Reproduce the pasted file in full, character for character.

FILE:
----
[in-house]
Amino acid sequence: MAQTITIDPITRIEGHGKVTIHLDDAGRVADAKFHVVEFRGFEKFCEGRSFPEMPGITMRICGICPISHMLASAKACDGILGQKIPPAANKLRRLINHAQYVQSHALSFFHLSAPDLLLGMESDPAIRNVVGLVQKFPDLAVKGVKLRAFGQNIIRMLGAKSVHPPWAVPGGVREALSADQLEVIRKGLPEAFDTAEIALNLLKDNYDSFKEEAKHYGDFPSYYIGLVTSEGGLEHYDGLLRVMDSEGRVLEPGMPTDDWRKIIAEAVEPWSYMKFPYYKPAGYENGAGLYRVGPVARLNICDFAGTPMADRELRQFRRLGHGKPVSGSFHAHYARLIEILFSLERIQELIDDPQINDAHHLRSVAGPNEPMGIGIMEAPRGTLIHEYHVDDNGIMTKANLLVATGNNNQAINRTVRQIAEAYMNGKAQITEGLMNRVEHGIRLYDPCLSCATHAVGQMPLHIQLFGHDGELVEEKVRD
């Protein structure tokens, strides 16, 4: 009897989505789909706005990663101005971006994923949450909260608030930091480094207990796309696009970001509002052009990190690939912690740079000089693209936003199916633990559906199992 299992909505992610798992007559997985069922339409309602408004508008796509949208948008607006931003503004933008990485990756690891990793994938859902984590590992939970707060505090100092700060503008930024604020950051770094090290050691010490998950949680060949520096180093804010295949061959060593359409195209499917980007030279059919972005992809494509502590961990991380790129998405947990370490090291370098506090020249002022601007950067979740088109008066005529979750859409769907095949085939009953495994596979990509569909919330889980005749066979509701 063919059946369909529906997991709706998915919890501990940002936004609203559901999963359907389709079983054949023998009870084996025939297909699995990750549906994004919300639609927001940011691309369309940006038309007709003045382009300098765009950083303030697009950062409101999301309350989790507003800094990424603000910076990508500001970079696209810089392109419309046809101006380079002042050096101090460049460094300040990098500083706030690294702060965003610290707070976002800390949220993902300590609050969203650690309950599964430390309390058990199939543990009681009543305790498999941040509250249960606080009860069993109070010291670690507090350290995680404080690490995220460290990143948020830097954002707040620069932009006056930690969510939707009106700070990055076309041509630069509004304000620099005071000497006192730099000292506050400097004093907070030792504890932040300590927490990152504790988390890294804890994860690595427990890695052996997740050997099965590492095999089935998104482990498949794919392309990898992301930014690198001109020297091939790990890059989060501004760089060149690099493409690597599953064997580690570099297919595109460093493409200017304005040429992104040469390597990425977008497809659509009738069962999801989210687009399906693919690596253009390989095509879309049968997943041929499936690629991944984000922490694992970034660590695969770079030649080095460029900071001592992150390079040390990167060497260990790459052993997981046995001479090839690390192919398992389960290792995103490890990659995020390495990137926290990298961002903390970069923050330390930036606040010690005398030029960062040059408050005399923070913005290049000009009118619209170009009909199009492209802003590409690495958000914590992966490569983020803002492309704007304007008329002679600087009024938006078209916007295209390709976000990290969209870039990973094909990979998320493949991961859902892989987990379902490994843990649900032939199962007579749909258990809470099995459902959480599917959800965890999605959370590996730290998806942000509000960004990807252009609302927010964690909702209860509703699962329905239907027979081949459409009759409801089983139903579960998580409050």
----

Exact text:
[in-house]
Amino acid sequence: MAQTITIDPITRIEGHGKVTIHLDDAGRVADAKFHVVEFRGFEKFCEGRSFPEMPGITMRICGICPISHMLASAKACDGILGQKIPPAANKLRRLINHAQYVQSHALSFFHLSAPDLLLGMESDPAIRNVVGLVQKFPDLAVKGVKLRAFGQNIIRMLGAKSVHPPWAVPGGVREALSADQLEVIRKGLPEAFDTAEIALNLLKDNYDSFKEEAKHYGDFPSYYIGLVTSEGGLEHYDGLLRVMDSEGRVLEPGMPTDDWRKIIAEAVEPWSYMKFPYYKPAGYENGAGLYRVGPVARLNICDFAGTPMADRELRQFRRLGHGKPVSGSFHAHYARLIEILFSLERIQELIDDPQINDAHHLRSVAGPNEPMGIGIMEAPRGTLIHEYHVDDNGIMTKANLLVATGNNNQAINRTVRQIAEAYMNGKAQITEGLMNRVEHGIRLYDPCLSCATHAVGQMPLHIQLFGHDGELVEEKVRD
């Protein structure tokens, strides 16, 4: 009897989505789909706005990663101005971006994923949450909260608030930091480094207990796309696009970001509002052009990190690939912690740079000089693209936003199916633990559906199992 299992909505992610798992007559997985069922339409309602408004508008796509949208948008607006931003503004933008990485990756690891990793994938859902984590590992939970707060505090100092700060503008930024604020950051770094090290050691010490998950949680060949520096180093804010295949061959060593359409195209499917980007030279059919972005992809494509502590961990991380790129998405947990370490090291370098506090020249002022601007950067979740088109008066005529979750859409769907095949085939009953495994596979990509569909919330889980005749066979509701 063919059946369909529906997991709706998915919890501990940002936004609203559901999963359907389709079983054949023998009870084996025939297909699995990750549906994004919300639609927001940011691309369309940006038309007709003045382009300098765009950083303030697009950062409101999301309350989790507003800094990424603000910076990508500001970079696209810089392109419309046809101006380079002042050096101090460049460094300040990098500083706030690294702060965003610290707070976002800390949220993902300590609050969203650690309950599964430390309390058990199939543990009681009543305790498999941040509250249960606080009860069993109070010291670690507090350290995680404080690490995220460290990143948020830097954002707040620069932009006056930690969510939707009106700070990055076309041509630069509004304000620099005071000497006192730099000292506050400097004093907070030792504890932040300590927490990152504790988390890294804890994860690595427990890695052996997740050997099965590492095999089935998104482990498949794919392309990898992301930014690198001109020297091939790990890059989060501004760089060149690099493409690597599953064997580690570099297919595109460093493409200017304005040429992104040469390597990425977008497809659509009738069962999801989210687009399906693919690596253009390989095509879309049968997943041929499936690629991944984000922490694992970034660590695969770079030649080095460029900071001592992150390079040390990167060497260990790459052993997981046995001479090839690390192919398992389960290792995103490890990659995020390495990137926290990298961002903390970069923050330390930036606040010690005398030029960062040059408050005399923070913005290049000009009118619209170009009909199009492209802003590409690495958000914590992966490569983020803002492309704007304007008329002679600087009024938006078209916007295209390709976000990290969209870039990973094909990979998320493949991961859902892989987990379902490994843990649900032939199962007579749909258990809470099995459902959480599917959800965890999605959370590996730290998806942000509000960004990807252009609302927010964690909702209860509703699962329905239907027979081949459409009759409801089983139903579960998580409050």